Kingdom of Troy
by Casey Barrett
One coach, four of six Olympians on Day One…
How’d your crew swim today? A few best times maybe, did they handle the Trials pressure? If it could have been better, maybe you should take some notes from this man…
On night one of the U.S. Trials, Gregg Troy’s Gators owned Omaha. There were six Olympic spots available. Coach Troy produced four of them. A rather impressive .666 batting average. Even the devil bows in respect.
- Ryan Lochte controls the 400 IM from the first stroke of butterfly. I have never watched a more sound defeat of Michael Phelps. It’s never happened, ever really. And that’s with huge props to Phelps tonight. The guy swam a 4:07, and he’ll be the first to admit that he did it on one year of training. 2009, ’10, and most of ’11 were really a wash for him. It’s a testament to his other-worldly abilities that the guy can go that time with the work he’s put in over the last four years. But Lochte has earned every step of his ascendance. He really swam a 4:05 tonight. Under the flags, he looked like Usain Bolt finishing the 100 meters in Beijing, without the showboating. Lochte just shut it down. Phelps’ world record is under watch in London.
- In the men’s 400 free, Peter Vanderkaay had to have a disastrous swim not to make the Team. He was the top seed by three seconds. In the end, he had to fight for it. To his side in lane three, Charlie Houchin gave him everything he could handle over 350 meters, but over in lane five, Vanderkaay’s Florida training partner Conor Dwyer was just biding his time. As they turned for home, Dwyer flipped in third, yet it was clear he was already on the Team. Watch enough races and last lap momentum becomes clear as can be. In the end, it was a couple of Coach Troy’s boys – PVK and Dwyer. The times were less than impressive, but who cares, sometimes it’s all about the race.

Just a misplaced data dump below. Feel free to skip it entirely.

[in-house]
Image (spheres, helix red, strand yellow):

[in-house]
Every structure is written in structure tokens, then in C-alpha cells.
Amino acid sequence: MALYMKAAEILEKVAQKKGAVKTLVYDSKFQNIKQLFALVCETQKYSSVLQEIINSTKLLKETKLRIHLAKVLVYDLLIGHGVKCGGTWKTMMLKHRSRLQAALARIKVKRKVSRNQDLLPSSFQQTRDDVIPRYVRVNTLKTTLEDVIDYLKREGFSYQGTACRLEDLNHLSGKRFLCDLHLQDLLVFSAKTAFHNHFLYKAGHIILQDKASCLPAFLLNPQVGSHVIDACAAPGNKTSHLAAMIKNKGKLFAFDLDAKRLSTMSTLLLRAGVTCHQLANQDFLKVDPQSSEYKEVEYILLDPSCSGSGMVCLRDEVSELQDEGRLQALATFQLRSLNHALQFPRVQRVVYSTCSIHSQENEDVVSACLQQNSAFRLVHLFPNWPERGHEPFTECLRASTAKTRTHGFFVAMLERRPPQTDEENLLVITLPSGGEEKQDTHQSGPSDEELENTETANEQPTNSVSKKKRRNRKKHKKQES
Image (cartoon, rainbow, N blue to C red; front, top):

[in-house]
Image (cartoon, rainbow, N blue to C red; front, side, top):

- The women’s 400 IM was pretty easy to handicap. Forget about the small little yards pool, where lots of good swimmers can look great with big walls. Elizabeth Beisel isn’t like that. This year at the women’s NCAA’s she placed a distant third in her signature event. No matter. She’s the defending world champion in the big pool where it matters, and tonight she showed why. With a backbreaking backstroke leg, Beisel ended the race at the halfway mark. Cal’s Caitlin Leverenz, who’d beaten her by a second and a half at NCAA’s, grabbed the second Olympic berth. Chalk up spot number four for Coach Troy.
How does this happen? How does one coach guide two-thirds of Olympians onto the Team in these two events – the 400 IM and the 400 Free? First thing you should remember – it’s impossible to fake these particular races. There are plenty of races that can be faked with sheer talent, as much as I hate that awful T-word… But the 400s? Those are truth in eight beautiful brutal laps.
Coach Troy believes in that Truth. That’s why his swimmers swim like such shit in-season. Did you watch Lochte at those Grand Prix meets this spring? His sponsors did, and they were worried. He looked like a tired, beaten dog. And he was. This spring, Elizabeth Beisel wasn’t anywhere close to the best swimmer in the NCAA. Now she’s making a case for the best swimmer on earth, in the sport’s ultimate all-around event. Weeks ago, I heard talk that Vanderkaay was cooked, that he wouldn’t even make the Team. Heard talk that Dwyer’s best days were behind him, that he was a short course guy, and what a shame that his best events happened to match up with Lochte’s.
Now those four are Olympians. Why is that? Because their coach doesn’t take his eye off the prize. This isn’t just some clichéd sports talk. It takes true balls not to care about all those steps in between. Steps where plenty of folks are watching and judging and wondering why your athletes are swimming so damn slow… What kind of confidence does that require? To keep the course, and know your crew will peak when it’s truly time?
I’m biased, this was my Coach too, back in the day. I had a lot of them, more than a few were also Olympic coaches with plenty of champions to their credit, but only one deserves the capital C.
Seven more days in Omaha… Who’s taking notes?